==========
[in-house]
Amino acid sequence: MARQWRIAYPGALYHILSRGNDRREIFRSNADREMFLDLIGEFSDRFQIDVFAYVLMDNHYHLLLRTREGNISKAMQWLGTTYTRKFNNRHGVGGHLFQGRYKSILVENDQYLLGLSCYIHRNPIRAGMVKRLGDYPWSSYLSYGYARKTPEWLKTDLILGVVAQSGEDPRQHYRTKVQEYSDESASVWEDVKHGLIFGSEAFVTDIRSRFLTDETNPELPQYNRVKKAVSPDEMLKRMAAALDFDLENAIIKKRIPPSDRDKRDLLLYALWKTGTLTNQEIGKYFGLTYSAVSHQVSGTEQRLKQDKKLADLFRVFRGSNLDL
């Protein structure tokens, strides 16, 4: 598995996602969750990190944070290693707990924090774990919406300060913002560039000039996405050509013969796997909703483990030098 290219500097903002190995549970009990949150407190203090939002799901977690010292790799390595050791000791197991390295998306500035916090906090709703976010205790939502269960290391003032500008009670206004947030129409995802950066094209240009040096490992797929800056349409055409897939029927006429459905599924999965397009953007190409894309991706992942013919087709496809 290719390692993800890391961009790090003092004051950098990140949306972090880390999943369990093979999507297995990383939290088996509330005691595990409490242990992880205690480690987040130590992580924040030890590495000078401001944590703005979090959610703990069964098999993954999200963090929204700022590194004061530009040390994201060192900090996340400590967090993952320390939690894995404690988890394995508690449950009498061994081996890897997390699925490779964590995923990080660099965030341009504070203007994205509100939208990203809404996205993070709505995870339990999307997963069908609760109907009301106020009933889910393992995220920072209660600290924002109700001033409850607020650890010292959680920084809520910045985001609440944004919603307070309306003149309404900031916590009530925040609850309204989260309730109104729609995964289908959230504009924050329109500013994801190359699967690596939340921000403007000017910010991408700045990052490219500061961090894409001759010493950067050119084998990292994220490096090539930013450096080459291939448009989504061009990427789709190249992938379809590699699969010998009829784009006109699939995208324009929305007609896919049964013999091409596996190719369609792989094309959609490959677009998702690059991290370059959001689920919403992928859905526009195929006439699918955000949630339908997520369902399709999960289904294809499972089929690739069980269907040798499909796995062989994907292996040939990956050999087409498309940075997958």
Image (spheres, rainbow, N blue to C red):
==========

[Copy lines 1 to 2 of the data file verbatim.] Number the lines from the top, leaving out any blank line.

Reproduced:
[in-house]
Amino acid sequence: MARQWRIAYPGALYHILSRGNDRREIFRSNADREMFLDLIGEFSDRFQIDVFAYVLMDNHYHLLLRTREGNISKAMQWLGTTYTRKFNNRHGVGGHLFQGRYKSILVENDQYLLGLSCYIHRNPIRAGMVKRLGDYPWSSYLSYGYARKTPEWLKTDLILGVVAQSGEDPRQHYRTKVQEYSDESASVWEDVKHGLIFGSEAFVTDIRSRFLTDETNPELPQYNRVKKAVSPDEMLKRMAAALDFDLENAIIKKRIPPSDRDKRDLLLYALWKTGTLTNQEIGKYFGLTYSAVSHQVSGTEQRLKQDKKLADLFRVFRGSNLDL